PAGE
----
[show abstract][hide abstract] ABSTRACT: The work presented herein addresses a specific portion of the tau pathology, pre-fibrillar oligomers, now thought to be important pathological components in Alzheimer's disease and other neurodegenerative tauopathies. In previous work, we generated an antibody against purified recombinant cross-linked tau dimers, called Tau Oligomeric Complex 1 (TOC1). TOC1 recognizes tau oligomers and its immunoreactivity is elevated in Alzheimer's disease brains. In this report, we expand upon the previous study to show that TOC1 selectively labels tau oligomers over monomers or polymers, and that TOC1 is also reactive in other neurodegenerative tauopathies. Using a series of deletion mutants spanning the tau molecule, we further demonstrate that TOC1 has one continuous epitope located within amino acids 209-224 in the so-called proline rich region. Together with the previous study our data indicates that TOC1 is a conformation-dependent antibody whose epitope is revealed upon dimerization and oligomerization, but concealed again as polymers form. This characterization of the TOC1 antibody further supports its potential as a powerful biochemical tool that can be used to better investigate the involvement of tau in neurodegenerative diseases.
Journal of Alzheimer's disease: JAD 08/2013; · 4.17 Impact Factor
[show abstract][hide abstract] ABSTRACT: AD (Alzheimer's disease) is a progressive neurodegenerative disorder characterized by the extracellular accumulation of amyloid β-peptide and the intracellular accumulation of tau. Although there is much evidence linking tau to neurodegeneration, the precise mechanism of tau-mediated neurotoxicity remains elusive. The presence of tau-positive pre-tangle neurons lacking neurofibrillary tangles has been reported in AD brain tissue. In order to study this non-fibrillar tau, we generated a novel monoclonal antibody, named TOC1 (tau oligomeric complex 1), which selectively labels tau dimers and oligomers, but does not label filaments. Time-course analysis and antibody labelling indicates that oligomers appear as an early event in AD pathogenesis. Using a squid axoplasm assay, we have demonstrated that aggregated tau inhibits anterograde FAT (fast axonal transport), whereas monomeric tau has no effect. This inhibition requires a small stretch of N-terminal amino acids termed the PAD (phosphatase-activation domain). Using a PAD-specific antibody, TNT1 (tau N-terminal 1), we demonstrate that PAD exposure is increased in diseased neurons and this leads to an increase in FAT inhibition. Antibody co-labelling with the early-AD marker AT8 indicates that, similar to TOC1, TNT1 expression represents an early event in AD pathogenesis. Finally, the effects of the molecular chaperone Hsp70 (heat-shock protein 70) were also investigated within the squid axoplasm assay. We illustrate that Hsp70 preferentially binds to tau oligomers over filaments and prevents anterograde FAT inhibition observed with a mixture of both forms of aggregated tau. Together, these findings support the hypothesis that tau oligomers are the toxic form of tau in neurodegenerative disease.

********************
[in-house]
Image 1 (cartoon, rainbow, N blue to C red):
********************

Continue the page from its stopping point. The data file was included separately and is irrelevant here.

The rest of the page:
Biochemical Society Transactions 08/2012; 40(4):667-71. · 2.59 Impact Factor
[show abstract][hide abstract] ABSTRACT: Tau is a microtubule-associated protein thought to help modulate the stability of neuronal microtubules. In tauopathies, including Alzheimer's disease and several frontotemporal dementias, tau is abnormally modified and misfolded resulting in its disassociation from microtubules and the generation of pathological lesions characteristic for each disease. A recent surge in the population of people with neurodegenerative tauopathies has highlighted the immense need for disease-modifying therapies for these conditions, and new attention has focused on tau as a potential target for intervention. In the current work we summarize evidence linking tau to disease pathogenesis and review recent therapeutic approaches aimed at ameliorating tau dysfunction. The primary therapeutic tactics considered include kinase inhibitors and phosphatase activators, immunotherapies, small molecule inhibitors of protein aggregation, and microtubule-stabilizing agents. Although the evidence for tau-based treatments is encouraging, additional work is undoubtedly needed to optimize each treatment strategy for the successful development of safe and effective therapeutics.